Words of Gratitude for the Bounty That Is FOSS

It’s a general matter of course in any given year that as Thanksgiving draws ever closer here in the land of stars and stripes, more than a few Linux bloggers begin to wax sentimental about their favorite operating system, often recounting all the many reasons they’re thankful it exists.

It is the start of the season of thankfulness, after all.

Well, perhaps it’s the recent presidential elections or — even more so — perhaps it’s the fact that a sizable part of the country is preoccupied by a desire to divorce Uncle Sam. In any case, this year, the usual pattern doesn’t seem to have happened.

A Fruitless Search

Snuggled up with a steaming Cinnamon Dolce Latte on a blissfully chilly day last week, Linux Girl scrolled through page after page of Google results, looking for that elusive “10 reasons I’m thankful for Linux” post that she felt sure was out there.

The baristas began to wonder if she was ever going to leave.

Eventually, however, much to her dismay, she had to abandon the effort empty-handed.

Is it that FOSS fans are no longer grateful for the bounty that is free and open source software? Linux Girl doesn’t think so. To prove it, she conducted a small poll down at the blogosphere’s Punchy Penguin Cafe.

‘Linux Makes the Internet Work’

“How can you not be thankful for Linux?” exclaimed Google+ blogger Linux Rants.

“Of all the projects in the FOSS world, Linux is the first thing that comes to my mind,” he told Linux Girl. “It powers my phone, it powers my television, it powers my web and database servers, it powers my media player, and it powers my personal computer. Linux makes the Internet work, and allows me to communicate with friends, new and old.”

Linux Rants is also thankful for Google+, he added.

“Over the course of this last year it’s allowed me to meet so many new and interesting people I never would have met without it,” he said.

‘Our Ability to Do Good’

Indeed, “giving thanks for IT is something not done often enough,” agreed blogger Robert Pogson.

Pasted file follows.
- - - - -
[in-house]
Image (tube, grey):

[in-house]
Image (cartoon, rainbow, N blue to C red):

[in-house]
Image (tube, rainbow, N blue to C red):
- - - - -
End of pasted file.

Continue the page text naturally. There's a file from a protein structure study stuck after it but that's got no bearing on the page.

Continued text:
“Almost everything we do depends on IT these days: multimedia communication, generation of text, images, music, creating, finding, storing and presenting information of all kinds, and almost all arithmetic depend heavily on IT, and what used to take days or weeks of computing is now done in real time or, better, as a forecast,” he explained. “IT lowers the cost of everything we do while increasing our ability to do it.”

In particular, Pogson loves “GNU/Linux and other FLOSS which exists solely to facilitate our use of IT,” he told Linux Girl.

“Compared to other software designed to tax our use of IT, my relationship with FLOSS is like that in a loving family instead of struggling against thieves,” he concluded. “When you strip IT of a platform for malware, crapware and lock-in, there’s a great extension of our ability to do good in the world.”

‘The FOSS Community’

Slashdot blogger yagu is thankful “for IT in general, because I was able to directly apply much of what I studied as a Math major,” he offered. “Direct application of my Math, and FUN at the same time (maybe the ‘F’ in FOSS stands for fun?).”

He’s also “eternally grateful to Linus Torvalds(tm) and Linux along with all of the great contributors to Gnu/Linux,” he said. “Linux let me create fully functional Unix worlds to learn and develop for free.